As to the massive investment that’s been made by the owners, that was their choice, and they recouped some by the sale of the TV rights to the 02-06 World Cups(the beginning of SUM) in addition to the over $185m in new franchise fees since 2005 and all of the intervening activities of SUM.

      That includes the double digit matches MLS teams participated in during last year’s ‘Summer of Soccer’, some of which were SUM productions.

      Now I completely understand the huge investments being made by MLS operator/investors and would be the last to say that MLS players should give in to all of the players’ demands in the current labor dispute. But to say the the owners are the only voice in these discussions worth listening to is, well, ridiculous. And to believe the ‘oh woe is us’ cry of smart business executives who have mastered the art of the ‘money shell game’ is naive at best.

  11. Don

    March 17, 2010 at 9:54 pm

    Richard, thank you for the interesting and analytical essay on MLS finances. We need more attempts to understand and fewer focusing on choosing sides. Which side you support, labor or ownership, will inevitably reflect our own political, ideological and social views. Let us, at least, try to get our facts correct, even if we choose to disagree about who we support.

  12. Michael

    March 17, 2010 at 9:27 pm

    Richard, I think you’ll find that MLST’s own Kartik previously ran numbers himself and came to the conclusion that MLS may have actually overstated its health.

    But in one sense you’re right – with things like SSS dollars off the team books, we don’t know how much owners make from soccer, even if we can be relatively sure how much they make from their teams.

    • Richard Farley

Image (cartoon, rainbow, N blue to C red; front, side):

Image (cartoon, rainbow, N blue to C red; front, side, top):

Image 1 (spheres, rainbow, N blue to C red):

March 18, 2010 at 6:57 am


      I do seem to remember that. I suppose there are a number of points to discuss when comparing Kartik’s conclusions with Dave’s.

      • Kartik Krishnaiyer

        March 18, 2010 at 9:37 am

        My numbers were based on eliminating SUM funds and simply looking at concerts and other extra events held at MLS club owned Stadiums, in addition to MLS/US Open Cup matches itself. When you apply put SUM finances and Expansion fees, the picture changes and Dave has done an excellent job of breaking that down.

        • Stephen

          March 18, 2010 at 12:02 pm

          Of course, relying on expansion fees as a way to prop up teams is dangerous in and of itself – that business model nearly crippled the NHL at the turn of the century and led directly to the season-cancelling lockout.

          Best to keep them out of any profit / loss discussion.

  13. Bill

    March 17, 2010 at 8:35 pm

    Actually, the way the MLS will lose money through free agency is in the loss of the so-called single entity status that keeps them insulated from sherman act anti-trust litigation. Look into it. There is a reason they want to retain all the fittings of single entity, and it is about avoiding anti-trust.

    If the author is as bright as he portrays, maybe he can take a look at American Aperal V. NFL currently being reviewed by the US supreme court. The lawsuit is not about free agency per se, but it is about single entity. You can bet your bippy that the Don is watching bc the factors of single entity status may hinge on free agency. Oh, BTW, did you see what the NFL just did regarding free agency. Doesn’t anyone else see something similar going on?

    • Bobby

      March 17, 2010 at 9:13 pm

      You mean American Needle. Here’s an SI article on the case for those interested. The potential impacts are pretty huge.

    • Clayton

      March 17, 2010 at 9:23 pm

      That’s exactly what I think the owners are trying to do. If I understand correctly, the players tried to sue the MLS in the early 2000s saying that the single entity status was invalid because the teams were operating as if they were separate entities. MLS won the lawsuit back then, but if they give the players anything resembling free agency, the players could take them back to court and have a better case this time. Therefore, any form of free agency really could destroy the single entity system and that seems to be the owners’ worst nightmare.

      That being said, I think they should put an end to single entity because it would take the perennially mediocre teams off welfare and force them to actually try to run a first-class organization. Also, I think there are finally enough good owners that the league could thrive without single entity even if it meant that the poorly run teams failed. Would the MLS really be a worse league if you got rid of the Hunt Sports Group and their half-empty stadiums, especially if you replace them with packed houses in Portland, Vancouver, Philly and Montreal?